90%: Ford And General Motors Disagree On Hybrids

2022 Ford Maverick: Motor1.com Star Awards

Two of America’s largest automakers, General Motors and Ford, have contrasting views on hybrids.

Hybrids are viewed by some as the interim solution while automakers prepare for a fully electric future. But some environmental groups like Public Citizen think that hybrids are just polluting gas cars with a slightly better fuel economy.

Here’s a primer on where Ford and GM stand on the issue: Ford cut back the production of its electric models like the F-150 Lightning and redeployed the same capital and workforce to focus on hybrids—a segment with soaring sales in recent months.

GM delayed its EV plans too last year, but is now poised to offer several pure EVs this year and next year, starting with the Chevy Equinox EV that we recently reviewed, the Cadillac Optiq that will be offered later this year and the next-gen Bolt EV, expected to arrive sometime in 2025.

Here’s what Reuters has to say on Ford and GM's differing views:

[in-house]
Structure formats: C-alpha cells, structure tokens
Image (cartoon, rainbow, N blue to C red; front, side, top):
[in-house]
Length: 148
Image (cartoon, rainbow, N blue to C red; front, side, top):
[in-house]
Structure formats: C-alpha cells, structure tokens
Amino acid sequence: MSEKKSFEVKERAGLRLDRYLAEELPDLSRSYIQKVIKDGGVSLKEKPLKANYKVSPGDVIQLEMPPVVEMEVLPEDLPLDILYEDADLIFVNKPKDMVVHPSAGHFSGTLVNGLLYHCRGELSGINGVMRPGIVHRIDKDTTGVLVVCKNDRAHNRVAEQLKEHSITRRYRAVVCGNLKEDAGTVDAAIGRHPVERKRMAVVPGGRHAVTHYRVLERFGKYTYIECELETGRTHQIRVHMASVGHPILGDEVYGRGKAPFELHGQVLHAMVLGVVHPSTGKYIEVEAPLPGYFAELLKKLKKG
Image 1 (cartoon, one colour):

Ford CEO Jim Farley wants the industry to stop viewing hybrid vehicles as only an interim solution to be used until drivers are comfortable going fully electric, while GM CEO Mary Barra does not view the technology as a longer-term play.

"We should stop talking about it as a transitional technology," Farley said of hybrids at a Bernstein conference. "Many of our hybrids in the U.S. are now more profitable than their non-hybrid equivalent," Farley added.

Barra said the Detroit automaker will have plug-in hybrids starting in 2027, in response to steeper regulatory requirements, but electric vehicles are where GM sees the market heading.

"It’s not the end game because it’s not zero emission," Barra said of hybrids at the same conference. "We're trying to be very smart about how we do that and how we deploy capital there," she added.

The two CEOs might have dueling views on hybrids. But the reality remains that both brands are focused on EVs for the long run. Ford’s “skunkworks” project that it announced earlier this year involves building a $25,000 truck, compact SUV and an EV designed for ride-hail services.

100%: Do You Believe In Japanese Automakers' “Multipathway Approach”?

Toyota, Mazda, Subaru

We’ve long heard from Toyota about its multi-pronged approach to electrification that includes conventional hybrids, PHEVs, FCEVs and BEVs. But now there's an entirely new dimension to that.

As Toyota and its allies find creative ways to keep the combustion engine alive, I wonder how economically viable its plans will ever be, especially given the fact that synthetic fuels currently cost up to 10 times more than gas. What do you think? Leave your thoughts in the comments.

Contact the author: suvrat.kothari@insideevs.com